A chance for candidates to pitch in

July 03, 2002|by BOB MAGINNIS

Can the two front-runners in the Maryland governor's race help fight child abuse in Washington County? Connie Richards is hoping the answer is "yes."

Richards, president-elect of the Parent-Child Center, a United Way agency that helps prevent child abuse, has invited U.S. Rep. Robert Ehrlich and Lt. Gov. Kathleen Kennedy Townsend and their supporters to attend a fund-raising dinner Oct. 24 at Hagerstown's Sheraton Four Points.

Richards' idea is that the two political parties would join in a bipartisan effort to help reduce the $115,000 mortgage on the center's new Hagerstown headquarters at 998 Potomac Ave.

Is it far-fetched to believe that either would attend? Not as much as you might think. Last year, the agency put on a volunteer appreciation dinner, keynoted by Comptroller William Donald Schaefer, whose speech delighted the crowd of more than 200.


Richards is hoping the candidates attend, because the Parent-Child Center's programs has grown to the point where there was a need to make a move. Founded in 1983, the agency had shared quarters with another agency, worked out of donated space or rented its own offices.

Its last address, a second-story office on Hagerstown's West Washington Street, could only be reached by navigating one of two steep staircases, which meant that those bringing in donations for its clients - diapers, baby clothes and the like - had a long tough climb.

Once inside, there was little room for storage, which meant the conference room became a mini-warehouse, making meetings with clients and staff difficult. Nor was there any place to conduct parenting classes.

The agency searched for new space downtown, with a view toward buying a property. But the board, led by its president, Bob Fennel, a local real estate appraiser, found much of what was available was either unaffordable or tied up in leases.

Then the Washington County United Way decided to move from the historic Potomac Street house that had been donated to it by a local doctor. The Parent-Child Center board seized the chance and bought it for $95,000.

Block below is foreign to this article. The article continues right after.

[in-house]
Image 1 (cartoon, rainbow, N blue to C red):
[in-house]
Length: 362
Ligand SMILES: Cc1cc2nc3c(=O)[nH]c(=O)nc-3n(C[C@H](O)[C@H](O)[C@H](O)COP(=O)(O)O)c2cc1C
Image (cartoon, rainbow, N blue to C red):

An inspection found that despite some minor roof leaks, the building is structurally sound. But looking ahead, the center borrowed additional money to upgrade the building's badly chipped old wood siding, and its old windows, which aren't as energy-efficient as those made today.

Getting all of this done while running the agency's various programs is a big task. But Executive Director Millie Lowman is confident, because she's already experienced what she terms a couple of small miracles.

The first came soon after the move, when she received a phone call from a woman who said that her boss passed by the building every Sunday on his way to church and was cconcerned about how the old place looked. What are your plans to fix it up, the woman asked.

Lowman told her caller that the Parent-Child Center was just a small non-profit and was applying for some grants to upgrade the property. Maybe we can help, her caller said.

It turned out that the caller's boss was David K. Krehbiel, plant manager of Certain-Teed Products Corp., which makes vinyl siding and windows in its plant in Williamsport. Krehbiel said the center would donate enough siding to cover the house.

Krehbiel explained that "we work with United Way and we got to know the director (James Taylor) during the last campaign. We had a concern that the building looked dilapidated and so we put together a program to donate the siding."

Krehbiel declined to put a dollar figure on the donation, but did say that the three-story property will require enough siding to do two to three normal homes.

"I consider it truly a miracle that he would call four days after we moved in. It's a blessing," Lowman said.

Lowman's second surprise involved a young man who'd gotten in some trouble in another state as a youth and been sentenced to do community-service hours that he'd never completed. Recently he was informed that if he didn't do them, he'd lose his Maryland driver's license. And so he turned to the Parent-Child Center.

He built a partition in one room, enclosed an electrical box in the conference room in a cabinet and erected many shelves in the basement, which will serve as a clothing closet for infants and toddlers.

"He was required to complete 100 hours, but he spent the whole month of May here," Lowman said.

Despite these unexpected surprises, Lowman said the center needs to reduce the mortgage to the point where the building will cost the agency no more each month than it once paid in rent. Hence the October event.

Even if neither candidate shows, the cause is still a good one, which is why I've helped raise money for the center for the past 10 years. For tickets, send $25 apiece to the Parent-Child Center, 998 Potomac Ave., Hagerstown, Md., 21742. For more information on the event or the center's programs, you can write to the same address or call (301) 791-2224.

Bob Maginnis is editorial page editor of The Herald-Mail newspapers.

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